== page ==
Trump endorsed Curt Schilling's possible run for Congress. He's a conspiracy theorist who uses social media to peddle bigotry and hatred.
President Donald Trump recently endorsed a possible congressional run from former MLB pitcher and Breitbart podcast host Curt Schilling. Schilling has a long history of spewing anti-Muslim, racist, sexist, and anti-Semitic commentary, and he was fired by ESPN for posting anti-trans bigotry on Facebook. He has also promoted multiple conspiracy theories, including QAnon and claims that the Sandy Hook mass shooting was a hoax, and once praised a shirt endorsing violence against journalists.
Trump endorsed Schilling’s possible run for Congress
Curt Schilling said he’s considering running for Congress. In a radio interview on August 11, Schilling said he was “absolutely considering” a run for Congress, according to The Arizona Republic. From the August 12 article:
Former Arizona Diamondbacks legend and outspoken conservative Curt Schilling said he is "absolutely considering" running for Congress in Arizona against one of the state's five Democrats.
In a statement to The Arizona Republic, the former pitcher acknowledged he is weighing whether to enter politics. Schilling, an Arizona native who identifies himself as a Massachusetts resident, did not make clear which district he is considering.
"Not ready to do any of that right now. If/When things solidify I will but right now it's something in the 'I'm considering it' stage," Schilling wrote in an email. [The Arizona Republic, 8/12/19]
Trump endorsed Schilling’s possible congressional run. On August 13, Trump tweeted that it was “terrific” that Schilling was considering running.
Curt Schilling, a great pitcher and patriot, is considering a run for Congress in Arizona. Terrific! @foxandfriends
— Donald J. Trump (@realDonaldTrump) August 13, 2019
Schilling has displayed Nazi memorabilia and promoted an avowed white nationalist
Schilling promoted his collection of Nazi memorabilia on Facebook. In August 2015, Schilling went on Facebook to promote his collection of World War II memorabilia that included “numerous Nazi uniforms with swastikas.” Boston.com quoted Omer Bartov, a Brown University professor and leading expert on the Holocaust, saying that Schilling had “some kind of fetish with Nazi uniforms.” [Boston.com, 8/25/15; Twitter, 8/13/19]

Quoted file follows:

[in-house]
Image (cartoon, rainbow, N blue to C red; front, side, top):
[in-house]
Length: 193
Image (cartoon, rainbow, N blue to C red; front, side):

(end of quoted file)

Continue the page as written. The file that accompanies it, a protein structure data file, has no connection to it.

Schilling praised white nationalist Paul Nehlen. In 2017, Schilling interviewed white nationalist and anti-Semite Paul Nehlen, who was then running a failed primary campaign to unseat former House Speaker Paul Ryan (R-WI). During the interview, Schilling promoted Nehlen’s campaign despite ample public evidence at the time of Nehlen’s extremism and open embrace of white nationalism. [ThinkProgress, 12/28/17; HuffPost, 8/14/18]
Schilling has a record of using his platform on social media and elsewhere to push bigotry and hatred
Schilling was fired from ESPN for amplifying an anti-trans Facebook post. In April 2016, ESPN fired Schilling from an MLB analyst role for sharing a transphobic meme on Facebook that perpetuated the thoroughly debunked “bathroom predator” myth. The meme featured a “man in ripped women's clothes” with the caption: “Let him in to the restroom with your daughter or else you're a narrow minded, judgmental, unloving, racist bigot who needs to die!” [Media Matters, 10/23/16, 4/12/16]
Schilling had been previously suspended from ESPN for controversial tweet. In August 2015, ESPN suspended Schilling after he tweeted the following meme:
[Media Matters, 10/23/16]
Schilling has shared memes praising the Confederate flag, calling civil rights heroes unpatriotic, and claiming Black Lives Matter was a movement “founded on a lie.” In 2015, Schilling shared memes comparing the imagery of the Confederate flag to “the Blood of Christ,” “the Protection of God,” and the “Christian Cross of Saint Andrew”; suggesting Rep. John Lewis (D-GA), an icon of the civil rights movement, was unpatriotic; and claiming the Black Lives Matter movement was “founded on a lie” rather than social justice. [Media Matters, 10/23/16]
Schilling falsely claimed “illegals” create more crime. During a call-in to radio station WPEN-FM in May 2018, Schilling falsely claimed that the “crime rate is higher because illegals are here.” [WPEN-FM, The Mike Missanelli Show, 5/22/18; Media Matters, 1/9/19]
Schilling defended Trump’s comment that he would date a teenage girl in 10 years. During a Fox Business appearance in October 2016, Schilling defended then-candidate Trump following unearthed 1992 remarks in which the future president said of a 10-year-old girl, “I am going to be dating her in 10 years. Can you believe it?” Schilling asked host Trish Regan, “How many times have you looked at a young man and said ‘wow, he’s a beautiful young man’ or ‘wow he’s a gorgeous young man’?” Regan responded, “Zero.” Schilling called her a liar, insisting that “there’s no way you haven’t seen somebody else’s son and said ‘Wow, he’s beautiful.’” Regan concluded, “And thought I ought to be dating him? No, sorry. You’re on your own on this one.” [Media Matters, 10/23/16]